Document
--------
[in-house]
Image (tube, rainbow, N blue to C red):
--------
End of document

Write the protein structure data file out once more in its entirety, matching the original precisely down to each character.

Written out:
[in-house]
Image (tube, rainbow, N blue to C red):